Lawyers for Kibby asked for an expedited hearing on the preservation of evidence.

    They argue that the evidence in question is necessary for them to prepare their argument and understand the scope of the charges.
     
  11. Fireweed

    Fireweed New Member

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    Removing someone's entire home for a crime that carries a max of seven years seems excessive to me. And I know that I will be told that "he is going to be charged with more crimes," but right now, he has only been charged with one crime. What if his bail-reduction hearing tomorrow is a success and he gets out on bail? Well then where he is supposed to go? I mean, I know that they likely have a lot more stuff on this guy, but let's just pretend for a moment that the criminal justice system is functioning the way it should. In theory, this man could be free until his trial by 10 am tomorrow, and what, his house is gone indefinitely? How long can LE even search someone's house? Apparently they can just take it away and search it for as long as they like.

    And I am in no way defending this guy, but assuming he is the monster he has been charged with being, then surely it is in the state's best interest to make sure he will not be getting out on appeal in two years.
     
  12. Not Without Peril

    Not Without Peril New Member

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    I would not defend Kibby. But if I did, I would file such a motion.

    In the best case scenario for the defense, nothing is found. In the worst case scenario, something, that helps the prosecutor's case, is found. The motion, if granted, would work to prevent a fishing expedition.
     
  13. Fireweed

    Fireweed New Member

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    If I were his defense attorney, I would file every single motion I possibly could. I would get as many adverse rulings as I could. I would do everything in my power to preserve every unconstitutional ruling for appeal that I could. If this defense attorney is smart that is exactly what he will do. If he has noticed the same pattern in this case that I have, then I would say he would be foolish not to go out there and ask for every single thing he can since he knows that it will be denied.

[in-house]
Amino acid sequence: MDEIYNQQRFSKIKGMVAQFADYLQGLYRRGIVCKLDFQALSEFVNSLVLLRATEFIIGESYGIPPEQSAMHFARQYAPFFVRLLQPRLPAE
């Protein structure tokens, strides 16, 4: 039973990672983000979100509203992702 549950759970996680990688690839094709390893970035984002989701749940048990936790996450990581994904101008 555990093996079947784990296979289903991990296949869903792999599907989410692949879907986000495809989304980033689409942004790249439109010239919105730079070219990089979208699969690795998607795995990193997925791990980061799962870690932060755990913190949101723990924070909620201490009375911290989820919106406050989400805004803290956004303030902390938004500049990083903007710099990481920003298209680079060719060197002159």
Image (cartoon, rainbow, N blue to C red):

I got my popcorn popped.
     
  14. newguy123

    newguy123 Well-Known Member

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    It said they were hoping to have phone and text records preserved. Wondering does this mean they have found her phone? If not, what records would they have that needed preserving, that LE has not already checked out?
     
  15. Fireweed

    Fireweed New Member

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    I was told by a couple of people here that they would not need her physical phone for any of that. I guess now I am assuming that they are talking about Kibby's phone maybe?
     
  16. newguy123

    newguy123 Well-Known Member

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    That's what I thought I read somewhere....they didn't need the physical phone of hers to see who was called or texted or that they could actually see the texts. Not sure if that is true. For arguments sake if it is true that they texted, wouldn't it show up on her records? They wouldn't need his to know that......I guess we will know soon enough.
    The whole thing confuses me.....they want to ensure evidence is preserved? Are they afraid it would be destroyed or "lost" somehow otherwise? I must be more naïve than I realize!
     
  17. SStarr33

    SStarr33 Inactive

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    I think that the actual texts are only available from certain carriers, so you would need the actual phone to see them. Also, google deletes records after a certain amount of time, so maybe they want to put them on notice.
     
  18. SStarr33

    SStarr33 Inactive

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  19. newguy123

    newguy123 Well-Known Member

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    Thanks.....I guess I'll have to be patient and see what unfolds.
     
  20. Not Without Peril

    Not Without Peril New Member

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    A defendant has a due process right to inspect potentially exculpatory evidence. The prosecutor, therefore, must preserve potentially exculpatory evidence so that the defendant may inspect it. Therefore, your question should be as follows: "what records would [the prosecutor] have that needed preserving, that [Kibby] has not already checked out?"